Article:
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When the wind doesn't blow, power doesn't flow even in Denmark 

“In the early hours of Saturday morning, two weeks ago, Denmark achieved something that makes John Howard’s goals for lifting the use of renewable energy in Australia look pretty modest.

“At 12.17am, as steady winds swept in from the North Sea and most Danes were in their beds, the nation’s wind farms churned out 70 per cent of the electricity being consumed across the country.”

That’s how The Australian’s European correspondent Peter Wilson began a glowing piece on wind energy last week.

Where do I sign? Hallelujah! The world is saved. Just roll out the turbines. A future of clean, green, carbon-free electricity beckons.

Well, actually no. Wilson didn’t manage to get around to detailing how barely 48 hours later, those wind farms were supplying all of 2 per cent of the electricity being consumed across Denmark.

From a bracing 2300MWh/h or so – the output of two largish conventional power plants – to less than 100 MWh/h, barely enough to keep the night lights burning. When the wind don’t blow, the power don’t flow.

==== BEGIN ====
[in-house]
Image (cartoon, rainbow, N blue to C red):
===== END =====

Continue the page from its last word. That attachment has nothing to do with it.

So when that happened, where did the electricity come from? From Norway, from Sweden and from Germany.

All up, around 1500MWh/h for some hours. In effect, the three neighbours jointly running a very large conventional power station just to keep the lights on in Denmark.

There, in a nutshell, is the twin problem with wind. On average, across a year, you might get 30 per cent of its theoretical capacity, but often you get zero or so close to zero as not to matter. It happens frequently and at any time; and when the wind chooses, not you.

“Somebody”, therefore, has to keep unused surplus capacity in some other form of generation equivalent to all the wind generation capacity. And keep it either operating, or able to at the flick of a switch.